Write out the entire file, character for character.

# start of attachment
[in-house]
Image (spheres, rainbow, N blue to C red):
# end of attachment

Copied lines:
[in-house]
Image (spheres, rainbow, N blue to C red):